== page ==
Thursday, 28 January 2016

Marston (A visit to a salt works at last)

I should have known that when I said we were moored in Barnton, the largest village in England, that I would get some comments.  This is a close up of part of an information sign on the tow path that substantiates my comment:

This is a photo I was sent as one of the comments (thanks Steve!).

Clearly it all depends on how villages are defined so they are all rash statements unless qualified.
Anyway we needed to take on water and also wanted to clean the outside of the boat so set off for the water point at Anderton on Wednesday morning.  It was still pretty windy but not really bad enough to stop us travelling.  We had to take it easy past some works that were being carried out by CRT.

Once we’d taken on water we set about cleaning the roof.  Here’s Karen hosing it down – she always prefers to do this as it gives her a chance to ‘accidently’ spray me with water for some reason.

We continued on to Marston after lunch and moored up outside the salt works museum – see photo at the top.  The large tank used to hold brine that was pumped up from below ground.  This is the pump house that used to drive the ‘nodding donkey’ (on the left) to pump the brine up.

Once the tank was full of brine it was drained into five large lead pans that were then heated up to boil the brine and leave a residue of salt.  Salt works buildings and machinery were often rebuilt as they disintegrated quickly with the steam and other chemicals that burnt off.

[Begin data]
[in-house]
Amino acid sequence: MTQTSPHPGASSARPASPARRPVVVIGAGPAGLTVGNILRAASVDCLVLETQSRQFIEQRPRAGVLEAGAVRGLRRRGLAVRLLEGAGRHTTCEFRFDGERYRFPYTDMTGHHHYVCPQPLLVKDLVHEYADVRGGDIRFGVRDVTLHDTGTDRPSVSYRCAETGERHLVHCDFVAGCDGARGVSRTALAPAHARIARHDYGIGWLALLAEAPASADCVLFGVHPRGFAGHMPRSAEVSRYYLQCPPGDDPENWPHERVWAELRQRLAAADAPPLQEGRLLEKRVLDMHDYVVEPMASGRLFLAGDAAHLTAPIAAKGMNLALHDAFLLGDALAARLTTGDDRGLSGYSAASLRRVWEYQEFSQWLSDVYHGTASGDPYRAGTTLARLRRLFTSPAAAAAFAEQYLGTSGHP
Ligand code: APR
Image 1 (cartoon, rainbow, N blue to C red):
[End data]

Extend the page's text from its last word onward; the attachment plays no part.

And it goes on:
This is another of the five pans, the building housing it has been demolished and the pan
is not being restored.

It’s amazing to think that the Romans started extracting brine and rock salt in Cheshire and their methods of extraction and production were little different to those employed into the 1980s when these works finally closed.  The salt towns were called wiches (e.g. Droitwich, Nantwich, Northwich, Middlewich etc.) and suffered terribly from subsidence.  There are many pictures of houses being swallowed up overnight.  This is a picture of an occasion when the Trent & Mersey canal breached through subsidence.  Apparently it only took two weeks to repair this – I dread to think how long it would take these days because of Health & Safety and other bureaucracy.

When subsidence occurred the holes were soon filled with water and the resulting pools are called flashes.  There was one particularly large area of subsidence that apparently caused the River Weaver to run backwards for a short stretch until it was full.  We have spent many a night moored on the side of flashes as they tend to be wide and not canal like.  This exhibit in the museum invites the visitor to look at the view outside because there is a flash on the far side of the canal – it doesn’t mention our washing blowing away in the wind!

There'll be a break in the blog for a couple of days as we're off to help Lauren and Lewis do some decorating in their new home.

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